So while I am mid-research into leaf function and leaf shapes, I find the shape that most matches the original image above showing the elaborate capillary system appears to be a leaf from the Bodhi tree.bodhitreewithleaves.jpg

Okay. What is significant about that? Well, to Buddhists the Bodhi tree is extremely significant because it was the location chosen by Siddhartha Guatama to meditate under until he reached enlightenment. He sat there supposedly for 49 days and endured unimaginable difficulties during the process before he transcended earthly existence and experienced the purity of Source itself; and was forever changed by it.

“Bodhi Tree – Fig Tree

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The Bodhi Tree, also known as Bo, “peepal tree”, or “arasa maram, was a large and ancient sacred fig tree located in Bodh Gaya, Bihar, India, under which Siddhartha Gautama, the spiritual teacher who became known as the Buddha, is said to have attained enlightenment or Bodhi. In religious iconography, the Bodhi Tree is recognizable by its heart-shaped leaves, which are usually prominently displayed.”  (Wikapedia)

So I’ve suddenly realized that my initial intention on writing about the intricate leaf structure and its defining perimeter has gone astray with educational sidebars.  Now I’m even into the tale of Buddha. Does this still pertain to my original intention of showing that a tree’s DNA defines the majesty of the tree’s stature/shape and the shape of its identifying leaves all while I miraculously segue into how our own DNA shapes the perimeter of our lives and defines us, only if we let it?

Well, maybe or maybe not.  It’s not the most direct route taken to a conclusion. But that’s part of the point here, I think.

We, as individual leaves growing outward from our Soul Source are defined to some extent by our DNA, by our ancestral history of nature and nurture, and by our karmic debts from all other lives. Our personal leaf perimeters are somewhat distinct and defined because of those factors mentioned. You even know which tree we grew from by our shapes and functional life success.

But at the same time, we have potential for unimaginable changefor breaking through our pre-defined perimeters.

Take the Buddha himself. He wanted to be enlightened so badly that he was willing to sit in meditation until he ceased to exist in this world or until he reached the Source of All Knowledge and Wisdom itself.  Fortunately for him and for the rest of us, he tapped into that Source and survived to share his experiences with the rest of us.

You don’t have to be religious to appreciate the enlightened mind or what it took/takes to reach that state of awareness. And some would argue that Buddhism isn’t actually a religion as much as it is simply a philosophical path toward enlightenment. That tangent is not my concern today.

It would appear that during this leaf examination I have spread my word capillaries far from original intentions and only reined them back with a fragile border of pertinence.

The only other thing I know for certain is that my Bodhi tree still awaits me.

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Kaypache Lescher on “The Great Mystery of the Divine”

https://www.youtube.com/watch?v=Zhcn__6FWUg&feature=share

What is my life about?  Why did I incarnate?345kaypacha1-400x400 (1).jpg

At present, Kaypache is into the shamanic astrology of Peru, where he is traveling.   I’ll just paraphrase a few of his statements here rather than use direct quotes:

In this video, he expounds on receiving direct transmissions from nature and the cosmos—letting Spirit speak directly to you or through you.  Spiritual awakening involves being taken out of this existence—of our returning to our Source—exploring our multidimensionality—witnessing the infinite universe—experiencing actual transcendence.  But it is spiritual awakening without using substances to do so—no hallucinogens—no ayahuasca—simply natural spiritual awakening, slowly and gradually.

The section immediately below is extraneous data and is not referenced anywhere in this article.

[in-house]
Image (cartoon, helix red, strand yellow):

He also believes (as I do) that it takes time to evolve and awaken.  You need patience, perseverance, endurance, … because true spiritual awakening happens very slowly—and it SHOULD BE slowly revealed because brief, powerful glimpses of the Divine can be more disrupting than slow, steady emergence into a higher state of being and emergence into the Bliss-field.

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But does my life have meaning? you still ask.

Well, similar to Alan Watts declarations, Kaypache says there is no meaning to our lives other than living—existing—you have NO particular purpose for this life—life existed prior to you and will exist long after you.  What we create in our lifetime is what we gain from life.

We aren’t here to find ourselves but to create ourselves.  We must go within and close our eyes and tap into Source or the Divine that wants to emerge out from us and be birthed into this world through our existence.  Or maybe NOT.    (Again he sounds very ‘Alan Watts’ here to me, but as I mentioned earlier, Alan Watts videos are resurging again which makes sense since Kaypache talks about that 51-year cycle beginning again now.)

When you can simply sit still, the truth is revealed, the mystery unfolds—all things come to whoever waits for them.

345kaypacha1-400x400 (2).jpgThis is the equinox point of the 51-year cycle of Chiron (the wounded centaur healer—the Master Teacher)—very powerful cycle for finding the deeper purpose in your life experience.

Chiron is also associated with crisis—like a physical health crisis.  That health crisis sits you down to reflect on your very existence.  This reflection time on our own mortality helps us to gain greater understanding of the archetypal energies of which we are only a part.

Kaypache’s parting words are: Take your time—be still—and in the stillness, the mystery of your life will be revealed.

 

“I close my eyes and what do I find,578AbsoluteBliss.jpg

My body, my Soul, and my mind,

Revealing to me when I’m ready to see,

The Great Mystery of the Divine.”